Vision Vancouver is going to suffer from billboards for quite some time to come.
“The Olympics are prime time advertising and the city might be offering it to Vanoc at the regular market rate,” the Richmond mayor said.
“But all of this has been discussed at closed meetings, so I really can’t go into the details.
“The details will be released soon, perhaps within the month.”
We now have some new insight into the visual ad pollution of billboards in Vancouver, courtesy of Richmond’s mayor Malcolm Brodie.
Not only has VANOC acquired access to all the billboard space in the Olympics universe for its official sponsors, the deals they’ve made for rates are part of closed municipal meetings.
This is no surprise since VANOC, much like a vampire, does nothing in broad daylight. Don’t hold your breath on anything related to VANOC being released ever.
A couple months ago, Vision Vancouver cynically killed municipal plans to take down the billboard pollution around the city that contravenes rules about how far away from homes they are supposed to be. With 2 billboards within 60m of my living room window, I’m eager to see them gone–and their repulsive car and horror movie ads that have caused more than a few neighbourhood children turn away in fear.
But as Charlie Smith featured weeks ago, Vision Vancouver voted to drift those plans into a bureaucratic purgatory.
Smith noted how Vision’s Geoff Meggs is connected to Glen Clark who is connected to Jim Pattison whose name is on many of the polluting billboards. Connecting the dots allows us to see a rather transparent motive and example of what Vision Vancouver’s vision actually is.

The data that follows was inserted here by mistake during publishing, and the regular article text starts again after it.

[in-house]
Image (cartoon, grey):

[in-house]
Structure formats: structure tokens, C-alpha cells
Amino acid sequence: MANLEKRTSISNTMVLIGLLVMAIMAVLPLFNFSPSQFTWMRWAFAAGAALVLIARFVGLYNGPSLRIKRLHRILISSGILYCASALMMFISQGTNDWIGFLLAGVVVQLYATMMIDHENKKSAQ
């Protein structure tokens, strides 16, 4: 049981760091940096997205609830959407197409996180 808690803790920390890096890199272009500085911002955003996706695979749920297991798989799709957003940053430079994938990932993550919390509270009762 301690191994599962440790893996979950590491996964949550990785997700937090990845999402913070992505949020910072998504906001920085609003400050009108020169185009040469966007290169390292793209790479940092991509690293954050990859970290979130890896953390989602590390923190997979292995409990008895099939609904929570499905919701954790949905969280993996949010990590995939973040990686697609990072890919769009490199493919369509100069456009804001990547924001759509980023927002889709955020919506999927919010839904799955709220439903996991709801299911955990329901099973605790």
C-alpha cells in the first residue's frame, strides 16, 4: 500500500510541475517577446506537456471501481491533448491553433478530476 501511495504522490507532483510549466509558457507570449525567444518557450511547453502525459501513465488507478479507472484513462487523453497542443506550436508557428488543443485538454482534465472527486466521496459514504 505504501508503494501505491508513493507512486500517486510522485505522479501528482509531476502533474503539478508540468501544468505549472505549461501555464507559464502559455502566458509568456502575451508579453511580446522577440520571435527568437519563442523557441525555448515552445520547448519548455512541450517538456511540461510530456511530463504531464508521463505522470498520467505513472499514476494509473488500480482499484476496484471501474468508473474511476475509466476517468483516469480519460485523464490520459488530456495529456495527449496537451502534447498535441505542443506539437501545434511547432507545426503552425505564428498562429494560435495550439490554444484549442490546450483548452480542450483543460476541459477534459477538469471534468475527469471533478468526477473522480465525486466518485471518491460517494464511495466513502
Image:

But Richmond’s Mayor Brodie has now also reminded us that these are not ordinary times. The Olympics gold rush means we CANNOT risk taking down even one billboard, despite how heinously it may contravene muncipal by-laws.
We see the VANOC vision again appearing as our masters.
This is very bad news for Vision Vancouver. As a new party, with little stable ideological roots and now only months of governing history, its identity is still in the fetal stage.
Its membership swelled with the Obama bump. It had dozens of prospective candidates vying for nominations, many of whom were very progressive, but some were temporarily out of the NPA.
They’ve had policy meetings, but those mean little until they get a chance to actually enact policy through governing. And now we’re seeing what they are like: Jimmy Pattison, billboards, VANOC.
And like many new political parties or movements, their membership will dip when renewal time comes. But for Vision, their membership will plunge as people realize that the amorphous hint of progressiveness they robed themselves in ends up lacking anything solid.
A political party walks its walk. If it talks a different line, people who pay attention to the walk will see the gap and act accordingly.
Real progressives currently in Vision will have to make a decision very soon about whether their vision of Vision is shared by the ones in charge. If not, they’ll have to move on.